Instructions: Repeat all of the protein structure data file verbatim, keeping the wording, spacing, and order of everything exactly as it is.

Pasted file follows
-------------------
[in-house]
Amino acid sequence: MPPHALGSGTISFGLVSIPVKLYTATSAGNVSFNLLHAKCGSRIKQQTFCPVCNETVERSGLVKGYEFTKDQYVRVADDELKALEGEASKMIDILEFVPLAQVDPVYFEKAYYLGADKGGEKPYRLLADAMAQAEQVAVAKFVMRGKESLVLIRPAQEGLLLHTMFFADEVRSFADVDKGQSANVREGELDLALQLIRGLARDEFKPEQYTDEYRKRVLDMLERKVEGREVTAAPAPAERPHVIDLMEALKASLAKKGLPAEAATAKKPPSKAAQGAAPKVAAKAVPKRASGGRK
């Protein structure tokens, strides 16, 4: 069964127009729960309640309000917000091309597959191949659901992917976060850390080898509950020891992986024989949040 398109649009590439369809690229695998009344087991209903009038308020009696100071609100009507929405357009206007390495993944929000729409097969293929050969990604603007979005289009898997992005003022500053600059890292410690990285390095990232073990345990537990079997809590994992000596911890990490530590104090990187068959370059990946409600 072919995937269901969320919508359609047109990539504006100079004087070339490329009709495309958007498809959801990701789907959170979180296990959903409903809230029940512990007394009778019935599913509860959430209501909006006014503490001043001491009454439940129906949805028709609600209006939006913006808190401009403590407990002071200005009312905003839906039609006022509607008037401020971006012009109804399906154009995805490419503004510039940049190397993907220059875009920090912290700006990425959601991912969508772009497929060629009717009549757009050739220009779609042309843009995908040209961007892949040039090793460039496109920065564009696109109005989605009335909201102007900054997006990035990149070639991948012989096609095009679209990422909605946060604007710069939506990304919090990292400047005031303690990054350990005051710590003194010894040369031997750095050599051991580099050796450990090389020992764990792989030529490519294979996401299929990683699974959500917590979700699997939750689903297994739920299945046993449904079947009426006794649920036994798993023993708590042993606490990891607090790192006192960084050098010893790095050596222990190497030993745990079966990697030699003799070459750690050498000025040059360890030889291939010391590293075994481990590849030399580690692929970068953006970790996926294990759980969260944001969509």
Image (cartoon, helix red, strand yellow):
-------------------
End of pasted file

[in-house]
Amino acid sequence: MPPHALGSGTISFGLVSIPVKLYTATSAGNVSFNLLHAKCGSRIKQQTFCPVCNETVERSGLVKGYEFTKDQYVRVADDELKALEGEASKMIDILEFVPLAQVDPVYFEKAYYLGADKGGEKPYRLLADAMAQAEQVAVAKFVMRGKESLVLIRPAQEGLLLHTMFFADEVRSFADVDKGQSANVREGELDLALQLIRGLARDEFKPEQYTDEYRKRVLDMLERKVEGREVTAAPAPAERPHVIDLMEALKASLAKKGLPAEAATAKKPPSKAAQGAAPKVAAKAVPKRASGGRK
């Protein structure tokens, strides 16, 4: 069964127009729960309640309000917000091309597959191949659901992917976060850390080898509950020891992986024989949040 398109649009590439369809690229695998009344087991209903009038308020009696100071609100009507929405357009206007390495993944929000729409097969293929050969990604603007979005289009898997992005003022500053600059890292410690990285390095990232073990345990537990079997809590994992000596911890990490530590104090990187068959370059990946409600 072919995937269901969320919508359609047109990539504006100079004087070339490329009709495309958007498809959801990701789907959170979180296990959903409903809230029940512990007394009778019935599913509860959430209501909006006014503490001043001491009454439940129906949805028709609600209006939006913006808190401009403590407990002071200005009312905003839906039609006022509607008037401020971006012009109804399906154009995805490419503004510039940049190397993907220059875009920090912290700006990425959601991912969508772009497929060629009717009549757009050739220009779609042309843009995908040209961007892949040039090793460039496109920065564009696109109005989605009335909201102007900054997006990035990149070639991948012989096609095009679209990422909605946060604007710069939506990304919090990292400047005031303690990054350990005051710590003194010894040369031997750095050599051991580099050796450990090389020992764990792989030529490519294979996401299929990683699974959500917590979700699997939750689903297994739920299945046993449904079947009426006794649920036994798993023993708590042993606490990891607090790192006192960084050098010893790095050596222990190497030993745990079966990697030699003799070459750690050498000025040059360890030889291939010391590293075994481990590849030399580690692929970068953006970790996926294990759980969260944001969509």
Image (cartoon, helix red, strand yellow):